One edit changes all
OK, this is another big one. Let’s say you have completed the design for a homepage, then moved on to a subpage. You clone the header of the homepage and repurpose it in the subpage design. Then you realize you used the wrong background color in the homepage header. Now you have to update it in both files. What a pain in the ass!
Unfortunately, that’s just the accepted fact in web design and the reason why many are now designing in the browser or just components instead. A small change can have major time-consuming consequences in Photoshop.
That’s changed with groups in Sketch 3. Group elements together, duplicate the group, then drop them anywhere in the design. Buttons are a great example. If you use the same “Buy Now!” button across your design, you can pop that bad boy in a hundred times with a simple drag and drop. Need to switch the color of them? Edit one of the buttons and they all change. It’s as simple as that. The same is true with styling text.
Groups makes static web designing a lot more like designing with CSS.
Slicing and Exporting
Many of the Photoshop designs we create use filters, masks, merges and other tricks that are tough to export for use on a website. Sketch 3 makes the process easy with improvements to slicing and exporting.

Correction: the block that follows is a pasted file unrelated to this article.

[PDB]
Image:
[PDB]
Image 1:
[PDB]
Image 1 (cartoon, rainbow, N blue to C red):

Slicing allows you to draw a box around any element on artboard. This box tells Sketch 3 that you want it to save as its own file when you export it for production.
Exporting is a common task, but Sketch 3 improves the process by allowing you to specify various resolution levels for your sliced components. That means you can save the same slice into several files that support different screen resolutions in one stroke.
These two related features combine to greatly streamline the web production process. I think it may be the single feature that could be responsible for making friends out of web designs and web developers again.
Preview on iOS